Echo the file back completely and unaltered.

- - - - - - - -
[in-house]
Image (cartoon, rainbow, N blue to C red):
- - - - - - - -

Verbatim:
[in-house]
Image (cartoon, rainbow, N blue to C red):